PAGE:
Saturday, April 08, 2023

The Age of Persia (Oxford History of the ANE 5)

BIBLIOGRAPHIA IRANICA: The Age of Persia. Notice of a New Book: Radner, Karen, Nadine Moeller & D. T. Potts (eds.). 2023. The Oxford History of the Ancient Near East Volume V: The Age of Persia. Oxford: Oxford University Press. Follow the link for TOC and link to publisher.

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Friday, April 07, 2023

Yannai's poetry in the Passover Haggadah

PROF. RABBI LAURA LIEBER: It Came to Pass at Midnight—From the Amidah to the Passover Haggadah (
The seventh part of the qedushta for the ancient triennial Torah reading וַיְהִי בַּחֲצִי הַלַּיְלָה, “It Came to Pass at Midnight,” was preserved in the Haggadah. This is the only poem of Yannai’s (ca. 5th/6th cent. C.E.) to be retained in the liturgy.
For more on Yannai's poetry, see here and links

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Review of Despotis & Löhr, Religious and philosophical conversion in the ancient Mediterranean traditions

BRYN MAYR CLASSICAL REVIEW: Religious and philosophical conversion in the ancient Mediterranean traditions.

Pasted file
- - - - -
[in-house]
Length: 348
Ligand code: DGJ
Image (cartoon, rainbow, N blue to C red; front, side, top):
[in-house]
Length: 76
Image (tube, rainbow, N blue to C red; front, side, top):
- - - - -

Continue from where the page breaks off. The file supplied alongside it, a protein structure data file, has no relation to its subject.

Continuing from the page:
Athanasios Despotis, Hermut Löhr, Religious and philosophical conversion in the ancient Mediterranean traditions. Ancient philosophy and religion, 5. Leiden; Boston: Brill, 2022. Pp. xi, 477. ISBN 9789004501768

Review by
Thomas Miller, Zalkind Duncan & Bernstein LLP.

The possibility of conversion fascinates, inspires, and frightens: could the basic boundaries of our identities be less stable than we think? This volume collects sixteen papers on the topic, originally delivered at a 2018 conference at the University of Bonn. The essays are organized into five sections, which give some notion of the volume’s range: there are two pieces on “Interdisciplinary Conversion Research,” four on “Conversion in Ancient Judaism,” three on “Conversion in Philosophical Traditions,” five on “Conversion in the New Testament,” and two on “Conversion in Mystery Cults and Late Antiquity.”


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Thursday, April 06, 2023

Who founded the Christian Holy Land pilgrimage startup?

REDISCOVERY? The True History of Early Christian Pilgrimage to the Holy Land. Who were the earliest Christian pilgrims to the Holy Land, and how did they know where to go? (Ruth Schuster, Haaretz).